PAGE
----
Timothy Booth from Denmark’s Technical University in Lyngby discussed the production of graphene from recyclable thin-film catalysts with improved field-effect mobility over that from established techniques. Booth showed that high-quality graphene can be produced using relatively small quantities of copper catalyst, which can then be re-used whilst preserving the graphene quality.

A tug-of-war between corrugation and binding energy was described by Carlos Romero-Muñiz from Madrid. Such a battle can seen in the formation of multiple Moiré patterns on a strongly interacting graphene-metal system. The results are especially important in fine-tuning the electrical properties of graphene via substrate interactions.

Tom Yager from Chalmers University in Göteborg outlined the fabrication of high-mobility epitaxial monolayer graphene devices via aqueous-ozone processing. The observed transition from strong n-type doping to low p-type can be explained as the result of processing and annealing, as the removal of resist residuals exposes the bare graphene to dopants present in ambient conditions.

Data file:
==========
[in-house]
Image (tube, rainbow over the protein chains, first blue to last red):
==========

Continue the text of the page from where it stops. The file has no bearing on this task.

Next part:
The functionalisation of graphene nanoribbons, and the influence of edges and intercalates on transport characteristics, was discussed by Christoph Tegenkamp from Leibniz University in Hannover. NPN-type structures with Klein tunnelling barriers have been realised by functionalising the buffer layer on top of silicon carbide mesas via germanium intercalation.

The final talk of the session was given by Matthias Mecklenburg from the Technical University of Berlin. Mecklenburg presented an overview of aerographite, a synthetic foam made up of interconnected graphite tubes. He also looked at how the CVD process can be tuned for aerographite in various applications.

Posters on fundamental science and graphene production

Following the oral presentations was a poster session sponsored by Texas Instruments. Eighty-five posters covering fundamental science and graphene production were on display, with the lead authors present to discuss their work with interested onlookers.

Francis Sedgemore is the science writer for the Graphene Flagship.

Photos: copyright © 2015 Anders Frick, Chalmers University of Technology

Page Contact:
Publishing date: 27 April 2016 13:00